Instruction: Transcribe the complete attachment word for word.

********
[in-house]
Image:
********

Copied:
[in-house]
Image: